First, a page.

So when I lost control for an hour the other day, and found myself next to an empty box of Corn Pops, I didn’t think of it as a minor slip-up. When I stepped on the scale this morning and saw that 1-pound gain, I didn’t think it’s some small obstacle I could easily overcome. My mind, instead, races way past ‘minor slip-up’ and ‘small obstacle,’ and settles quickly on ‘this is major, because now you’re so much closer to being back at square one, and you’ll never regain this momentum. You’ll never be this successful again. You’re inches away from returning to that place where you’ve spent years before, that place where you’ve come to terms and accepted the fact that you were meant to be obese and unhappy, with a life that’s ultimately unfulfilling, and, in all likelihood, solitary and short.’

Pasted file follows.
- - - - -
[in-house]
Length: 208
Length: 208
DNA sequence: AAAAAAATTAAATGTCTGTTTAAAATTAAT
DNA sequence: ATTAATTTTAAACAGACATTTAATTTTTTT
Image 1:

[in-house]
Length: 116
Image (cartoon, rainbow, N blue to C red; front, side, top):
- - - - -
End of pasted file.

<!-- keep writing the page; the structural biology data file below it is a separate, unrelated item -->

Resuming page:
I wish the stakes weren’t so high, but they are. This is my life.
Earlier this evening, I talked through a lot of these feelings with my sister, and it was very helpful. During the phone call, she said the one single thing that made me smile more than anything else today: “You’re right, David, it will be a life-long struggle. It’s going to be a life-long struggle for all of us. It’s in our genes, and that’s just the way it is. We all inherited weight genes, and depression genes, but hey – at least there aren’t any stupid genes that got passed down. It could be worse – we could be stupid!”
She has a point. This would all be a lot tougher if I were dumb.
I’m done purging now. It’s 1:30 am, and I need to go to bed. My immediate gut reaction is that I do feel better, so maybe this whole exercise was a fruitful one. I’ll let you know how I feel tomorrow. And, in the meantime, I’ll focus on some good things: 1) Today I ate really well. 2) Today I had a wonderfully brutal workout at my boot camp class. 3) Tomorrow I plan on eating well and have a great workout planned.
Look at that! Three reasons, right there, to say…
Keep it up, David!